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Yesenia Amaro

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Current treatments for valley fever can take so long to work that they allow the disease to spread, becoming more damaging and more deadly. What can be done?

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Valley Fever affects each of its victims differently. Here, three patients share how the disease has deeply affected their lives and their families.

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A group of journalists plans to tackle a large community health problem in California -- Valley Fever, also known by its more technical name, coccidioidomycosis or “cocci.” Their reporting will dig deep into the trends, the costs, the science, the funding and the policy responses to the disease.

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Some local entrepreneurs have been stunned because they failed to meet all the rules for the small-business tax credits in last year's highly vaunted federal health care law to help cover their health care costs.

Despite their disappointment, they're hopeful that another part of the law, which kicks in three years from now, is well worth waiting for.

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Journalist Yesenia Amaro examines how some small businesses will cope with health reform as their health costs for workers continue to soar.

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Janna Rodriguez, one of the owners of J&R Tacos in Merced, wants to learn more about the specific provisions in the federal health care law designed to help small businesses such as hers. Her restaurant, which opened almost five years ago, employs eight part-time employees — and none of them receive health care benefits.

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From greener school lunches to required nutritional information printed on fast-food menus, it's clear that state and federal governments are urging Americans to take control of their health -- starting with food. This is part four in a four-part series.

Part one: Convenience often trumps nutrition

Part two: Committed to nutrition

Part three: Providing healthier choices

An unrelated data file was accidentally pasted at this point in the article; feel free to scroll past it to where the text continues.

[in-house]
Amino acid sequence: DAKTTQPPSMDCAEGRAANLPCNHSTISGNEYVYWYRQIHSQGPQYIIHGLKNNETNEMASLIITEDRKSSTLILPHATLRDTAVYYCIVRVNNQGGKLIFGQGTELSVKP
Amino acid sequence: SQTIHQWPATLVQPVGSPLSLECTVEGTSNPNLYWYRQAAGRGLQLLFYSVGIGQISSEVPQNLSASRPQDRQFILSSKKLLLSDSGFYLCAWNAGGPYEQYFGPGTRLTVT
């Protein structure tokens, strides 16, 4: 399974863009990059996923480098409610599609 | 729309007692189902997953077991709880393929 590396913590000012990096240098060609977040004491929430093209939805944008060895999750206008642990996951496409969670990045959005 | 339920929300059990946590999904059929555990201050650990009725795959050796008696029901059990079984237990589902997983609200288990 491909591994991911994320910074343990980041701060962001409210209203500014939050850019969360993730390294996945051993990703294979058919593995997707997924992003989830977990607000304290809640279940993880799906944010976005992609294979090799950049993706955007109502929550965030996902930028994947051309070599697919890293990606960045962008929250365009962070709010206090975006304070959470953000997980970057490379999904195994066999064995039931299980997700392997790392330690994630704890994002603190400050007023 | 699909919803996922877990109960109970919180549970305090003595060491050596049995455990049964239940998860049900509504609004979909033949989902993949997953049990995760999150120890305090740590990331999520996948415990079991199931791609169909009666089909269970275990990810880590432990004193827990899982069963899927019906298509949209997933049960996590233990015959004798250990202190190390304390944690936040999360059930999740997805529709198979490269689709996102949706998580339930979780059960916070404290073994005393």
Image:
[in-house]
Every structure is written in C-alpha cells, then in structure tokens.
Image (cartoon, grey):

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In an effort to promote healthier eating habits among students, Merced County school officials are eliminating foods high in fat from school meal offerings and replacing them with fruits, vegetables and other nutritious alternatives. This is part three in a four-part series.

Part one: Convenience often trumps nutrition

Part two: Committed to nutrition

Part four: No escape from healthy lifestyle effort

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Candy bars, Pop-Tarts and french fries were always on the menu in Ruth Sanchez's daily diet.

For years, the 17-year-old consistently made poor eating choices. "Fast food is what I would eat the most," she recalled.

Ruth, a former Merced Scholars Charter School student, said the two main reasons she turned to fast food were because it was affordable and easy to get.

"You are on the run, and you are going to get something from the $1 menu," she explained. "It's quick and it's the cheapest."

Not only did Ruth, who weighs 183 pounds, make the wrong choices when it came to eating, she also didn't live an active life.

That's no longer the case. She has made a dramatic change in her habits.

This is part two in a four-part series.

Part one: Convenience often trumps nutrition

Part three: Providing healthier choices

Part four: No escape from healthy lifestyle effort

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Low prices, availability and aggressive targeted marketing are all factors that ensure children and teenagers are eating more fast food than ever before. The Network for a Healthy California is pushing for outdoor advertising that encourages healthier choices. This is part one in a four-part series.

Part two: Committed to nutrition

Part three: Providing healthier choices

Part four: No escape from healthy lifestyle effort

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